In this week's Labor Quiz, "The Jungle," written by Upton Sinclair, exposed safety and sanitation hazards facing what kind of workers? Was it auto workers, meatpacking workers, independent truckers, sleeping car porters, or none of these? Go to unionist.com and click on Labor Quiz and you could be next week's winner!
On today's labor calendar, The University of Maryland Black Staff and Faculty Association pays tribute to the longstanding campus worker justice movement today at noon at the University of Maryland College Park; and tonight at 6:30 check out the Federal Budget Town Hall with Bernie Sanders, where you’ll have an opportunity to tell government officials first-hand how this budget would affect the lives of everyday working men and women. Go to dclabor.org and click on calendar for complete details.
In today's labor history, some 14,000 building trades workers and laborers, demanding an 8-hour work day, gathered at the Milwaukee Iron Company rolling mill in Bay View, Wisconsin in 1886. When they approached the mill they were fired on by National Guardsmen under orders from the governor to shoot to kill. Seven died, including a 13-year-old boy. And in 1888, nineteen machinists working for the East Tennessee, Virginia, and Georgia Railroad gathered in a locomotive pit to decide what to do about a wage cut. They voted to form a union, which later became the International Association of Machinists. On this date in 1931, heavily armed deputies and other mine owner hirelings attacked striking miners in Harlan County, Kentucky, starting the Battle of Harlan County.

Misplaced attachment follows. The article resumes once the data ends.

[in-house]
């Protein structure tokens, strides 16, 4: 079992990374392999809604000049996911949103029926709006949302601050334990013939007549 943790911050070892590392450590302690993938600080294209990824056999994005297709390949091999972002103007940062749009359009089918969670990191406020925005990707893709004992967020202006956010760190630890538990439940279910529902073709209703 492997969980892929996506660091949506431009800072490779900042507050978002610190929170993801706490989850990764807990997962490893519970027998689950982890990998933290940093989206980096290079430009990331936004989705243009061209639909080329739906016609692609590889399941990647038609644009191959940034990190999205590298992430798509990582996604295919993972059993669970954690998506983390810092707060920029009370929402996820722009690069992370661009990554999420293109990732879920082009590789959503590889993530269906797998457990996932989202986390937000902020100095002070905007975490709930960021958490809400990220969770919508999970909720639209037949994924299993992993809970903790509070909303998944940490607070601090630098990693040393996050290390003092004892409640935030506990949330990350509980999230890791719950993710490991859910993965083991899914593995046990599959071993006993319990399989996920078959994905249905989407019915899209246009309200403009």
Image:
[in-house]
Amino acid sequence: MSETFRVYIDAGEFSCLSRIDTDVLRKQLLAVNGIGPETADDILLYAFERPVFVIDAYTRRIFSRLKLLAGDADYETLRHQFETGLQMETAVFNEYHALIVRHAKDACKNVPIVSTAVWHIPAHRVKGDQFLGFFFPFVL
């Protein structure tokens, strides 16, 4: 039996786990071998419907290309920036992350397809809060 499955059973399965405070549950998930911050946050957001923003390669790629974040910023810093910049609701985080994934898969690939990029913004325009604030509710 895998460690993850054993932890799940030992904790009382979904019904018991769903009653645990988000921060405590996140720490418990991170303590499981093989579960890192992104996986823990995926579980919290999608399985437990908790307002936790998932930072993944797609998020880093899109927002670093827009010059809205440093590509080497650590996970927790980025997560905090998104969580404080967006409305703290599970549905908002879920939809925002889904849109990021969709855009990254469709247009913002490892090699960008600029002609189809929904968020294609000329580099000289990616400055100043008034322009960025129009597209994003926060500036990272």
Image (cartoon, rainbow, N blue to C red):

Today's labor quote is by John L. Lewis:
“You can’t dig coal with bayonets.”
John L. Lewis led the United Mine Workers of America from 1920 to 1960.
YOUR RIGHT AT WORK: Tip #5 (click below)
This is Chris Garlock, with Union City Radio’s Your Rights at Work tip of the day:
Almost all workers in D.C. are covered by the paid sick and safe leave law, including both part-time and full-time workers and tipped restaurant workers. If you are sick, injured, or have a medical appointment, you can be paid for time away from work to recover or to go to the doctor. You can also use paid sick days to take a family member to the doctor or take care of a sick family member. Even check ups and other preventative care visits qualify, but you need to give your employer reasonable notice of planned absences. You can also use paid sick and safe days when you or a family member need services related to domestic violence, stalking or sexual assault.
Find out more about your rights at work from the Employment Justice Center, at DCEJC.ORG or call 202-828-9675.